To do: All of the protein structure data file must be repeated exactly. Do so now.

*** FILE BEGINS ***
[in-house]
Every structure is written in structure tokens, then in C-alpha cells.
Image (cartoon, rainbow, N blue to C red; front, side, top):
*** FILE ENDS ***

[in-house]
Every structure is written in structure tokens, then in C-alpha cells.
Image (cartoon, rainbow, N blue to C red; front, side, top):